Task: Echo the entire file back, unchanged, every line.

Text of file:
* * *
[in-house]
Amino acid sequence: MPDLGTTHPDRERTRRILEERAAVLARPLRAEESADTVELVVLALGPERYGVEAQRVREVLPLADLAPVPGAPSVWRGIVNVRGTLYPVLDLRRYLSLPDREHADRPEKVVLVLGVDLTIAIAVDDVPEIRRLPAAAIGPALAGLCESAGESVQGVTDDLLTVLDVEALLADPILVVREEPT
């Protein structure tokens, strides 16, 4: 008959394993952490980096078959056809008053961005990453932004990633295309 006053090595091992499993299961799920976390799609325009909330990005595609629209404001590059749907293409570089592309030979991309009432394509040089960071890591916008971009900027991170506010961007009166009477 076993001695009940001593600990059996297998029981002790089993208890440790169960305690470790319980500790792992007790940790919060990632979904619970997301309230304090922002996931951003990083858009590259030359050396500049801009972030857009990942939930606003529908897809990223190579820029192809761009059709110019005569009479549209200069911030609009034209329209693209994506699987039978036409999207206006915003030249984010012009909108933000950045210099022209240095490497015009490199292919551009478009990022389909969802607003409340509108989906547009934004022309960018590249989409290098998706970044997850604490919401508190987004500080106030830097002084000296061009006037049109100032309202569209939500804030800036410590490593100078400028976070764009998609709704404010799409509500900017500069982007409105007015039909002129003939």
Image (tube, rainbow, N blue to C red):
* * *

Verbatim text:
[in-house]
Amino acid sequence: MPDLGTTHPDRERTRRILEERAAVLARPLRAEESADTVELVVLALGPERYGVEAQRVREVLPLADLAPVPGAPSVWRGIVNVRGTLYPVLDLRRYLSLPDREHADRPEKVVLVLGVDLTIAIAVDDVPEIRRLPAAAIGPALAGLCESAGESVQGVTDDLLTVLDVEALLADPILVVREEPT
């Protein structure tokens, strides 16, 4: 008959394993952490980096078959056809008053961005990453932004990633295309 006053090595091992499993299961799920976390799609325009909330990005595609629209404001590059749907293409570089592309030979991309009432394509040089960071890591916008971009900027991170506010961007009166009477 076993001695009940001593600990059996297998029981002790089993208890440790169960305690470790319980500790792992007790940790919060990632979904619970997301309230304090922002996931951003990083858009590259030359050396500049801009972030857009990942939930606003529908897809990223190579820029192809761009059709110019005569009479549209200069911030609009034209329209693209994506699987039978036409999207206006915003030249984010012009909108933000950045210099022209240095490497015009490199292919551009478009990022389909969802607003409340509108989906547009934004022309960018590249989409290098998706970044997850604490919401508190987004500080106030830097002084000296061009006037049109100032309202569209939500804030800036410590490593100078400028976070764009998609709704404010799409509500900017500069982007409105007015039909002129003939």
Image (tube, rainbow, N blue to C red):